Hugh B. Cott - Camouflage Research

Camouflage Research

As a military camouflage expert during the Second World War, Cott likened the functions of military camouflage with those of protective coloration in nature. The three main categories of camouflage in his book Adaptive Coloration in Animals are concealment, disguise, and advertisement. Within those categories, he studied, described and presented examples of such diverse effects as obliterative shading, disruption, differential blending, high contrast, coincident disruption, concealment of the eye, contour obliteration, shadow elimination, and mimicry. In his wartime lectures at Farnham Castle, he described nine categories of visual deception:

  1. merging, e.g. hare, polar bear
  2. disruption, e.g. ringed plover
  3. disguise, e.g. stick insect
  4. mis-direction, e.g. butterfly and fish eyespots
  5. dazzle, e.g. some grasshoppers
  6. decoy, e.g. angler fish
  7. smokescreen, e.g. cuttlefish
  8. the dummy, e.g. flies, ants
  9. false display of strength, e.g. toads, lizards

Cott's account of all this (illustrated by his own pen and ink drawings) is Adaptive Coloration in Animals. This 550-page classic continues to be one of the finest, most comprehensive discussions of the subject. His co-workers' first-hand accounts of his work in military camouflage can be found in the memoirs of two of his fellow camoufleurs: Julian Trevelyan and Roland Penrose.

Peter Forbes wrote of Cott's book:

Cott's Adaptive Coloration in Animals must be the only compendious zoology tract ever to be packed in a soldier's kitbag. The book also marks the apotheosis of the descriptive natural history phase of mimicry studies. Although Cott does report experiments on predation to test the efficacy of mimicry and camouflage, the book is essentially a narrative of examples plus theory.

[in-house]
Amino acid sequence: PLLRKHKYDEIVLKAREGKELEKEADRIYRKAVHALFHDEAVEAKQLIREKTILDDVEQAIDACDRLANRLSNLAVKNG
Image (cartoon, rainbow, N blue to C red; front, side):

In the sense of being a narrative, Adaptive Coloration could be thought obsolete, but Forbes continues:

But Cott's book is still valuable today for its enormous range, for its passionate exposition of the theories of mimicry and camouflage..

Cott worked to persuade the British army to use more effective camouflage techniques, including countershading. For example, in August 1940, with the Battle of Britain imminent, he painted two rail-mounted coastal guns, one in conventional style, one countershaded. In aerial photographs, the countershaded gun is essentially invisible. Cott was triumphant, announcing:

These photographs furnish most convincing proof of the effectiveness of countershading, and are especially valuable in that we have in them a direct comparison between the two methods.

Read more about this topic:  Hugh B. Cott

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